October 27, 2003

Grant program to SIRE student research

By Eric Rangus

A new grant program developed in Emory College will provide up to $2,500 of independent research support to individual undergraduates beginning in the spring.

The application deadline for the first round of Scholarly Inquiry and Research at Emory (SIRE) grants is Tuesday, Oct. 28, and the new pilot project represents the newest opportunity for undergraduates to expand the scope of their education.

"We wanted to give all undergraduate students an opportunity to perform independent research that they may not have been able to do before," said Joanne Brzinski, associate dean for undergraduate education. The SIRE program began taking shape last summer, but Emory College faculty and administrators have been working for several years to create programming that helps students hone their research skills.

Emory College already has several support programs in place for undergraduate research, especially in the sciences where half of all undergraduates participate in research either for course credit or hourly wages. The college’s senior honors program also gives about 140 students each year the opportunity to complete an independent research project.

Places where current programs perhaps have not been fully utilized are in the humanities and social sciences. The SIRE grant is the first part of a wider series of pilot projects designed to give all undergraduates more opportunity to participate in scholarly inquiry and to do so at an earlier point in their college careers.

"It’s important to have a grant for general student work and not just for a specific division or department," Brzinski said. Any student can take advantage of the grants, but Brzinski said it is expected they will most appeal to upperclassmen.

The grants would cover research costs such as books, transportation, faxes and calls, mailings and other related expenses. Work related to an honors thesis or study abroad would be eligible, for instance. Brzinski estimated that about 15 grants would be awarded for Spring 2004, but that number depends on how much money applicants request. The $2,500 per student is a maximum; awards can be smaller if expenses dictate.

In addition to a budget and a detailed description of the planned project, part of the student’s application for the SIRE grant includes a faculty letter of support. The writer of this letter will serve as the student’s faculty mentor and oversee his or her work. As part of their mentoring, faculty could be eligible for up to $500 in research funds of their own related to the project.

During the grant period, SIRE students will be required to meet periodically with other recipients to discuss the progress of their research. At the conclusion of their project, students will present their results at a research symposium organized during Emory Scholars weekend in the spring and Family Weekend in the fall; which symposium students attend will depend on when they received their grant. Copies of their final reports will be posted on a website for exposure to the widest possible audience.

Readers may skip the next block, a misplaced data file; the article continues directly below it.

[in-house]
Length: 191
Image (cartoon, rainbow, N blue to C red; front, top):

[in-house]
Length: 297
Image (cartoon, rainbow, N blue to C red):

SIRE is the first part of a series of projects that expand assistance to budding undergraduate researchers. Set to begin in the 2004–05 academic year, a second pilot program creates faculty-student research partnerships. By first assisting in the research of a professor, the hope is to train sophomores and juniors (the program’s targeted students) to perform their own independent research down the road.

The scope of the wider undergraduate scholarly inquiry and research project also suggests a structure for faculty oversight of undergraduate research. Plans call for each department to designate one faculty member as undergraduate research director (some divisions and departments already have such a structure, but others do not). Within divisions, these representatives would meet twice a semester to choose college research grant recipients and discuss the general progress of undergraduate scholarly inquiry.

The chairs of each divisional committee would form the college SIRE committee, which would steer the grant program and oversee the symposia. Representatives from other college centers, such as the Center for Science Education, Center for International Programs Abroad and others, also would sit on the SIRE committee so that scholarly inquiry can be coordinated across all the college’s programs. That committee will select the first round of grant recipients, and Brzinski said she hopes to have it in place by mid-November.

One final effort is to better identify current undergraduate research. The result would be the creation of a website within the college’s Department for Undergraduate Education that highlights successful student work.

After one year, the projects will re-evaluated and adjusted if necessary, Brzinski said.